The lavish offices of Wishful Thinking, P.C. in Denver are designed to impress and they do. As one of the largest law firms in Denver, it perches proudly on one of the highest floors of the Tabor center, smartly situated in the heart of downtown. The polished stone surfaces of the lobby below are just a prelude to the extravagant, tasteful, soothing décor that greets us as we step off the elevator. Everything suggests money, success, prominence, and positive outcomes for anyone seeking an attorney. In fact, the ambience does more than hint – it shrieks that anyone working here is clearly the best, at the pinnacle of the dog-eat-dog attorney pile in Denver.
Todd -- handsome, friendly, and confident -- bounds into the waiting room to meet us. We immediately like him, and we chat about our mutual affinities (Ken, homes in Arvada, our church affiliation). We bond.
He ushers us into a small conference room. We explain our situation. We are still in the middle of this vexatious lawsuit with T.C., with no clear indication of how it will turn out. It’s only August and our arbitration date isn’t set until November. We are sick to death of the development-hamster-wheel we’ve been on for nine years with nothing to show for it. If things turn out okay for us in the lawsuit, we want to have some options beyond a 20-to-30 year development project. We’re exploring alternatives. What is a conservation easement?
What is a conservation easement?
Todd positively beams at us. “Conservation easements are the best thing that’s ever happened. Everyone loves them. The state loves them, the donors love them, and the citizens of Colorado love them. It is a win-win-win situation. Even the IRS loves them.”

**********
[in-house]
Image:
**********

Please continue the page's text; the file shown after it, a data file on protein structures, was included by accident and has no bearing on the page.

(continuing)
He hops out of his seat, steps to the white board and starts drawing. “Land, as you know, has severable rights,” he explains. “You know, for example, that you can keep your land, but sell the mineral rights to someone else.”
We nod – we know this. Stan has practiced real estate law for years.
“There’s also such a thing as “development rights” associated with your land. You can keep your land and sever the development rights, and sell those to someone else. In the case of conservation easements, you don’t sell them; you donate them to a land trust which creates a permanent conservation easement on your land.” He adds squares and arrows to his diagram.
“Why would we do that?”
“The state can’t afford to buy all the land it wants in order to create open space here in Colorado. Open space land is expensive, and the state doesn’t want to have to spend the funds to acquire and then manage the lands. So, they have created incentives for landowners to put their land into conservation easements. It will organically preserve open space and views, without the state having to do a thing.”
Our Land Is Valuable
I object. “Our land is extremely valuable – we’re poised to do a development. As lovely as it sounds to create a conservation easement, we can’t just give it away. We have a fiduciary responsibility to our partners to make money for them. What’s the incentive?”